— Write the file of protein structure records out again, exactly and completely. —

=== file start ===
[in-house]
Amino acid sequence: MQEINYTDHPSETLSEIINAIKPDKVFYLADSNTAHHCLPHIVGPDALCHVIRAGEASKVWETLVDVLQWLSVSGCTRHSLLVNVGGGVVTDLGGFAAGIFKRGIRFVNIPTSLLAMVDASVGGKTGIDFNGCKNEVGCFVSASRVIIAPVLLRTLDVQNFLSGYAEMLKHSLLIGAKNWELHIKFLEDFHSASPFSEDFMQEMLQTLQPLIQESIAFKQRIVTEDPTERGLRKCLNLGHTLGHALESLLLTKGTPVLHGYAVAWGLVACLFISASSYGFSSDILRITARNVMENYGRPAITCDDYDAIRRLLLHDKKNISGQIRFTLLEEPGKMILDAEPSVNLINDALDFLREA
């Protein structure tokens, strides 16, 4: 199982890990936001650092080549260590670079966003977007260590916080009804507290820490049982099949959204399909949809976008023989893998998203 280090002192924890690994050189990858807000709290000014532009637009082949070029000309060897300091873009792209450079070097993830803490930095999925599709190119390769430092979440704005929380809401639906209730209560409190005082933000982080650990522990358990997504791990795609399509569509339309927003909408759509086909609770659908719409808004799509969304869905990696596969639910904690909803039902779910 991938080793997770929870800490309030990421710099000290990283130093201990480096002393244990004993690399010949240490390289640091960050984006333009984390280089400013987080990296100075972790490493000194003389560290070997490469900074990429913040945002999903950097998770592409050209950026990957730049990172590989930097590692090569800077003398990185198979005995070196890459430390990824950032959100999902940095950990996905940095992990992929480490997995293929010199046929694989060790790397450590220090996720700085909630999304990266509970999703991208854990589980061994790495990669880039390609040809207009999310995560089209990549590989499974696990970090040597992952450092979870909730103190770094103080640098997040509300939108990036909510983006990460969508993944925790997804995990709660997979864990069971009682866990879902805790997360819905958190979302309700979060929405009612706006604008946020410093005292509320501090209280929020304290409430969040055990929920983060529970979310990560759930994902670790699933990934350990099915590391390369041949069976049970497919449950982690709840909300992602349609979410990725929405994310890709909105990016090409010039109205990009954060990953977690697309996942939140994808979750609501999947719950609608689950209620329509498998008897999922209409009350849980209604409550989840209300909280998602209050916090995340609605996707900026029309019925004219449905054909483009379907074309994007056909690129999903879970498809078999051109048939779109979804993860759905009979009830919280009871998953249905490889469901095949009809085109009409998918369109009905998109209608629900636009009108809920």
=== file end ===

[in-house]
Amino acid sequence: MQEINYTDHPSETLSEIINAIKPDKVFYLADSNTAHHCLPHIVGPDALCHVIRAGEASKVWETLVDVLQWLSVSGCTRHSLLVNVGGGVVTDLGGFAAGIFKRGIRFVNIPTSLLAMVDASVGGKTGIDFNGCKNEVGCFVSASRVIIAPVLLRTLDVQNFLSGYAEMLKHSLLIGAKNWELHIKFLEDFHSASPFSEDFMQEMLQTLQPLIQESIAFKQRIVTEDPTERGLRKCLNLGHTLGHALESLLLTKGTPVLHGYAVAWGLVACLFISASSYGFSSDILRITARNVMENYGRPAITCDDYDAIRRLLLHDKKNISGQIRFTLLEEPGKMILDAEPSVNLINDALDFLREA
């Protein structure tokens, strides 16, 4: 199982890990936001650092080549260590670079966003977007260590916080009804507290820490049982099949959204399909949809976008023989893998998203 280090002192924890690994050189990858807000709290000014532009637009082949070029000309060897300091873009792209450079070097993830803490930095999925599709190119390769430092979440704005929380809401639906209730209560409190005082933000982080650990522990358990997504791990795609399509569509339309927003909408759509086909609770659908719409808004799509969304869905990696596969639910904690909803039902779910 991938080793997770929870800490309030990421710099000290990283130093201990480096002393244990004993690399010949240490390289640091960050984006333009984390280089400013987080990296100075972790490493000194003389560290070997490469900074990429913040945002999903950097998770592409050209950026990957730049990172590989930097590692090569800077003398990185198979005995070196890459430390990824950032959100999902940095950990996905940095992990992929480490997995293929010199046929694989060790790397450590220090996720700085909630999304990266509970999703991208854990589980061994790495990669880039390609040809207009999310995560089209990549590989499974696990970090040597992952450092979870909730103190770094103080640098997040509300939108990036909510983006990460969508993944925790997804995990709660997979864990069971009682866990879902805790997360819905958190979302309700979060929405009612706006604008946020410093005292509320501090209280929020304290409430969040055990929920983060529970979310990560759930994902670790699933990934350990099915590391390369041949069976049970497919449950982690709840909300992602349609979410990725929405994310890709909105990016090409010039109205990009954060990953977690697309996942939140994808979750609501999947719950609608689950209620329509498998008897999922209409009350849980209604409550989840209300909280998602209050916090995340609605996707900026029309019925004219449905054909483009379907074309994007056909690129999903879970498809078999051109048939779109979804993860759905009979009830919280009871998953249905490889469901095949009809085109009409998918369109009905998109209608629900636009009108809920």